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I would have thought no carpet sounds as good as no carpets. Get some nice real wood put on the floor, then worry about carpets at the rug store.

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We recently replaced the floor in the photo studio that I manage. We put down a nice dark wood laminate and now have the worst static problem ever. I suspect that it is all about the underlay - we used aquastop. For a domestic setting I would use natural underlay.

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Carpet reduces the high frequency reflections that a) can make a room echoey and b) can muddy the sound. Personally I dislike uncarpeted rooms for the first reason alone, unless there are a lot of other soft furnishings etc to reduce reflections.

No my love we can’t have that carpet it will cause havoc with the sound of my system.

Good luck!!!

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Thanks all for the helpful replies. 100% wool, natural backing, felt or other natural underlay straight on top of the concrete is how it will be. Fortunately Bob, this is a rare case where the inner nerd is free to do its worst as it’s a dedicated listening room!

Natural fibres as said; wool, sisal, jute or seagrass. My favourite is sisal, and when deep textured helps diffuse reflections too at various frequencies and is better than woollen pile in my experience at this, and is significantly more hard wearing than wool and doesn’t give a ‘soft furnishing look’ but is hugely more attractive (subjectively) than uncovered floors.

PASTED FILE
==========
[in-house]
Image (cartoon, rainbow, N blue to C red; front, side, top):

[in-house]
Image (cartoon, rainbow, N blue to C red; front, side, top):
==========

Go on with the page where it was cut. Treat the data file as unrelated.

Downside, sisal can be expensive…

Thanks Simon. Yes, I like the Sisal look and feel too. Hadn’t thought of that, but good call.

Underlay, many years ago we were recommended to use a mixed cork/rubber crumb underlay to help reduce noise in the bedrooms, due to a good deal we had every room done and it’s still there decades later, the last carpet fitter said there was no point changing it as it wad still in good condition.
Have a look for AcoustiCORK M66.

:small_blue_diamond:KJC,…I would have a part of the floor,…where the speakers and your Hifi-rack should stand…In polished concrete.